an r.  We leave open how m/n is to be defined in other cases.  The
uniqueness of m/n (when it is defined) follows from the cancellation
property of multiplication in our formal arithmetic, which you have been

Pascal's Triangle

We verify the well-known relationships which allow us to draw Pascal's
Triangle:

Theorem:  C(n,0) = C(n,n) = 1; C(n+1,r+1) = C(n,r) + C(n,r+1)

C(n,0) = 1 because there is only one empty subset {} of n.  C(n,n) = 1
because there is only one n-element subset (n itself) of n.

C(n+1,r+1) is defined as the cardinality of the set of subsets of n+1
with cardinality r+1.  We divide these sets into two obviously
disjoint subsets: the ones which contain n (the largest element of
n+1) and the ones which do not.  Each subset A of n+1 which contains n
and is of size r+1 corresponds to the subset A-{n} of n, which we know
is of size r.  We claim that this defines a bijection between the set
of subsets of n of size r and the set of subsets of n+1 of size r+1
which contain n; we don't prove this, but we claim that it is obvious;
it follows that the set of subsets of n+1 of size r+1 which contain n
is of size C(n,r).  Each subset of n+1 of size r+1 which does not
contain n is a subset of n of size r+1 and vice versa; we know that
there are C(n,r+1) of these.  We have divided the set of subsets of
n=1 of size r+1 into two sets (those which contain n and those which
do not) which are clearly disjoint and cover the whole set.  One is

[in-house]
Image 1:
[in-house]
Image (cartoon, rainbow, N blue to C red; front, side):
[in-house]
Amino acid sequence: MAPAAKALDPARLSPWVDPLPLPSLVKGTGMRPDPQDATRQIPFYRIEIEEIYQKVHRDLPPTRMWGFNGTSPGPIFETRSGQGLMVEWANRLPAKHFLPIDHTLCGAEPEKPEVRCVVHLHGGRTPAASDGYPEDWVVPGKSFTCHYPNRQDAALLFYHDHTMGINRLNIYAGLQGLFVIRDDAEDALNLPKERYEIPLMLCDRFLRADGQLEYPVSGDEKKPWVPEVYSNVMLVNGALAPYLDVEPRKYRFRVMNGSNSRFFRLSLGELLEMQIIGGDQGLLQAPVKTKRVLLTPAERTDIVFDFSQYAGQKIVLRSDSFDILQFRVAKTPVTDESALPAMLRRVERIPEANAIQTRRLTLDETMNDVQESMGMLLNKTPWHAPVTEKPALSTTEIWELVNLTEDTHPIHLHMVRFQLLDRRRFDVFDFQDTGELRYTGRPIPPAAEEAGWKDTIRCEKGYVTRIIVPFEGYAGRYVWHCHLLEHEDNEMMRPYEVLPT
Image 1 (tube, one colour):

of cardinality C(n,r) and the other of size C(n,r+1); we can apply the
basic counting principle of addition to conclude that the whole set
is of cardinality C(n,r) + C(n,r+1) as desired.

Notice that this theorem does not depend on the preceding theorem
evaluating C(n,r), and also that it looks like a kind of recursive
definition of C(n,r).  It is possible to prove the preceding theorem
by induction using this theorem.

Theorem: C(n,r) = n!/(r!*(n-r)!)  (it is important to note that n>=r
is required).

Proof (by induction on n):

Basis step:

Clearly C(0,0) = 1 = 0!/(0!*(0-0)!) = 1 (0! is defined as 1).
So for all r <= 0, C(0,r) = 0!/(r!*(0-r)!) (since r<=0 iff r = 0).

Induction step:  Suppose that for all r <= n, C(n,r) = n!/(r!*(n-r)!).
We show that for all r <= n+1, C(n+1,r) = (n+1)!/(r!*((n+1)-r)!).

Case 1:  r = n+1  By the preceding theorem, C(n+1,n+1) = 1 = (n+1!)/((n+1)!*((n+1)-(n+1)!)) = (n+1)!/((n+1)!*0!) = (n+1)!/(n+1)!

Case 2: r = 0 By the preceding theorem, C(n+1,0) = 1 =
(n+1!)/(0!*((n+1)-0)!) = (n+1)!/(n+1)!

Case 3: 1 <= r <= n  In all these cases, C(n+1,r) = C(n,r) + C(n,r-1)
(by the previous theorem) = n!/(r!*(n-r)!) + n!/((r-1)!*(n-(r-1))!) =
(n!*(n-(r-1)))/(r!*(n-(r-1))!) + (n!*r)/(r!*(n-(r-1))!) (on each side,
we promote a factorial in the denominator and multiply by the appropriate
amount in the numerator to preserve the value of the ratio) =
(n!*(((n+1)-r)+r))/(r!*((n+1)-r)!)  (here we add the numerators and
convert n-(r-1) to the equivalent form (n+1)-r) =
(n!*(n+1))/(r!*((n+1)-r)!) (trivial) = (n+1)!/(r!*((n+1)-r)!)
which is what was to be proved.

So we have a second proof of the same theorem on evaluation of
C(n,r).

Another useful relationship which follows easily from the formula
using factorials is

C(n,r+1) = C(n,r)*((n-r)/(r+1))
```

Randall Holmes
2000-05-05